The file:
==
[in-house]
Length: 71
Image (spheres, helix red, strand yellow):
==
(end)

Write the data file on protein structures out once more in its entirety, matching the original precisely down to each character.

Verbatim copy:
[in-house]
Length: 71
Image (spheres, helix red, strand yellow):